My post-doctoral project builds on my dissertation “The Art of Actuality: Radio, Realism and the Hörfilm, 1924-1930,” a media-historical analysis of new forms of realistic sound recording and representation in early German radio, which focused on the “effects of presence” of early radio. These effects included the temporal phenomena of liveness and simultaneity, but also new sonic effects – for example, background sound and spatial timbre – heard in live location broadcasts and simulated in studio-bound dramatic productions. During my Berlin Program fellowship, I will expand the scope of my research forward into the early 1930s, in order to reconstruct and analyze documentary modes in the radio of the late Weimar period. From about 1930, new recording technology was available to the radio medium. New portable disk-recording machines (superseding earlier experiments with magnetic wire and film soundtrack) permitted, among other things, the recording of location sound. In addition, the technology allowed the archiving of finished programs, offering the media historian a considerably greater amount of audio-recorded material, compared with the thin archival record of the 1920s .
My research centers in the first instance on largely unexamined sound recordings – for example, journalistic accounts recorded on board ocean liners, as well as impressionistic “portraits” of cities and smaller urban milieu, and “actuality” compilations of news and events. However, I want to do more than simply dig through a neglected archive. While these programs are of little aesthetic interest in a narrow sense (it is not a lost cache of great works), in media-historic terms they mark an important breakthrough. Their use of location-recorded sound material in popular media programming allowed a new set of effects of reality and presence to be used, and new claims to authenticity to be explicitly or implicitly made.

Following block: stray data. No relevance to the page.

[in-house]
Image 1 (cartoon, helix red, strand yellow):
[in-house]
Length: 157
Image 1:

I want to investigate these effects and these claims through a close analysis of conventions and formal devices. These include, among others, various modes of address, the use of recorded sounds and ‘dramatic reconstructions’ and of diegetic and non-diegetic music. I also want to contextualize these new forms within a more general aesthetics of early acoustic representation, examining how they collectively contribute to a radiophonic “realism,” where “realism” is seen not simply as an aesthetic style, but as a set of codes and conventions specific or common to a medium at a given historical moment. However, in paying attention to a relatively complex formal structure, I do not mean to suggest that these works strive for critical self-reflexivity or that they challenge their own status as a reflection of reality. They constitute a modern form, not a modernist one. They ultimately point, I would suggest, to the variety of different ways in which this status can be constructed, and – we can perhaps infer – to the relative ease with which listeners could adapt to new conventions of the real and the authentic in popular media form.